"I ca'n't believe that!" said Alice.
"Ca'n't you?" the Queen said in a pitying tone. "Try again: draw a long breath, and shut your eyes."
Alice laughed. "There's no use trying," she said "one ca'n't believe impossible things."
"I daresay you haven't had much practice," said the Queen. "When I was your age, I always did it for half-an-hour a day. Why, sometimes I've believed as many as six impossible things before breakfast."Lewis Carroll, Through the Looking Glass
Back in the days of Bubble 1.0, I was a full-time cryptographic engineer. This meant that I had to know enough about cryptographic protocols to implement them in software without breaking them. This is not as easy as it sounds, which is why virtually all software packages have periodic security update patches. The companies I worked for at that time were typical Bubble 1.0 companies, which meant that they were trying to come up with the next "killer app", something that would cost us nothing to make and for which everyone would pay us gobs of money. So part of my job became explaining to various people why cryptographic protocols could not solve one problem or another. The most common recurring theme in these ideas for money-making crypto apps was copy protection -- preventing people from making digital copies of digital data.
I explained my reasons for thinking this to be an impossible task so many times that I had it boiled down to a single sentence: You cannot encrypt past the intended recipient. I even began to egotistically refer to it as Russell's Law. Originally, it referred to encrypted email, when someone suggested trying to enforce a "For Your Eyes Only" prohibition. This cannot be done with cryptography. If you can't trust the person who is supposed to be able to read your message, you're hosed. It seemed as obvious to me as the old saying: If an attacker has physical access to your computer, it's already compromised. (If anyone knows who first said this one, let me know.)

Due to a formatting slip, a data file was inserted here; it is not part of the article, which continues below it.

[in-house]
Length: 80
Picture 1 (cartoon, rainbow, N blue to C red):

Fast forward to 2007, and the current debate about the merits of DRM (Digital Rights Management). (If you don't know what DRM is, you can read Wired's How to Explain DRM to Your Dad.) What's the point of DRM? It intends to prevent people from doing prohibited things with digital data after they have received it. It tries to do this via various cryptographic protocols. In other words, it's a violation of Russell's Law. It's trying to achieve the impossible.
Want proof? DVDs had an encryption method built into them, as an attempt to control in what part of the world each DVD could be viewed. That was defeated, by the intended recipients. The lesson learned from this by the Big Media Producers was that they needed bigger, better, stronger encryption for the next new standards, Blu-Ray and HD-DVD hi-resolution video discs. Guess what? Not long after release, those protocols were broken, too! Russell's Law is still just as valid as ever.
Much has been made of Steve Jobs' blogging where he makes a good case for abandonment of DRM, but it troubles me that he still talks as if DRM is something that can successfully be implemented. Much more interesting is the response from Macrovision, a DRM vendor. If you want to know why I quoted Lewis Carroll at the top, read this and imagine the Queen speaking to Alice. Better yet, read Daring Fireball's translation of Macrovision's response.
But the beat goes on -- Bill Gates probably understands the validity of Russell's Law, but Microsoft is still creating new DRM schemes. I'm sure this one, like all the others, will make money being sold to companies who believe six impossible things before breakfast. I'm also sure that it will be defeated, and quickly.